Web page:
Our last “home screen apps” discussion showcased the apps on my phone’s home screen. Today, I’m showing off the apps on my Nexus 7 tablet. You’ll notice some of the apps are the same, and there are some additional apps, like games.
My Nexus 7 is the 2012 version running stock Android 4.3. I primarily use this tablet for reading books, testing apps, playing games, and general browsing. That’s why the tablet’s game-intensive, but it still packs computing power.
I’ve set my home screen up in a similar manner as my phone, utilizing folders and emphasizing the Google Now and Google Keep widgets. You can see I also have direct links to Google Earth, Dropbox, Bitcasa, ASTRO File Manager, Chrome Browser, Chrome Beta for Android, Google Play, Gallery, and a recent addition, Feedly (which I’m testing since the update).
I really only have 5 folders: Games, Lawyering, Google, Media, and Documents.
My games folder has all of the usual offenders, including most of the ones I recommended here.
“Lawyering” on my Nexus 7 is pretty well limited to reading statutes, searching for cases, or prepping deposition questions. Thus, my Lawyering folder is pretty sparse:
I like Depose app for getting deposition questions in line, and Fastcase for legal research. Some people complain that dLaw doesn’t work well, but I don’t have any problems if I use it in landscape mode. For some reason (and I’m trying to get it fixed), portrait mode makes the app force close. Remember landscape and you shouldn’t have any problems with the app.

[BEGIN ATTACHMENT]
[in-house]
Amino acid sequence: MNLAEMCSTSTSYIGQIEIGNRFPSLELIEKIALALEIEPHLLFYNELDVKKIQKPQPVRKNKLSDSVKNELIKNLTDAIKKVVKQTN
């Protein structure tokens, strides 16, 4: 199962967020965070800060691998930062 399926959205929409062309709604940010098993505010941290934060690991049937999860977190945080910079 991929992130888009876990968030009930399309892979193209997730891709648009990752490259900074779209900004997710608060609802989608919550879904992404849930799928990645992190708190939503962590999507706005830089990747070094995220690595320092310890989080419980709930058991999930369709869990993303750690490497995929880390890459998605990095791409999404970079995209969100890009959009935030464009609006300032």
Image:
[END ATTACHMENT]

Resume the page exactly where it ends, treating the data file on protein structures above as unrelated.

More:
My Google folder has the usual Google offenders: Google+ Gmail, Hangouts, People, Calendar, and Plume (I know, it’s not Google, it’s Twitter).
I should add Google Earth, but the kids use that app more than I do, so Earth stays on the home screen.
My Documents and Media folders are probably the second most used folders. These folders are where I access Evernote, Drive, ezPDF Reader (on sale right now for $1.97), OfficeSuite Pro, Pandora, and a myriad of other apps to improve efficiency.
As I said, I don’t (regularly) use my Nexus 7 tablet for editing PDFs or documents. I find the screen a little too small to be useful in that arena. However, I’m an avid Amazon Kindle fan, and the small form factor of the Nexus 7 is perfect for reading books. Oh, and it’s also a perfect remote for Chromecast.
Obviously, as you’ll see in my next “app-ening post” Nova Launcher really adds versatility to Android’s standard features. My stock Nexus wouldn’t have nearly the number of apps clogging up the home screen if I could slam them in the app dock (to the right).
As usual, I’m up for seeing how you’re arranging your screens, handling your apps, and designing your home screens to be efficient. Send your screenshots my way.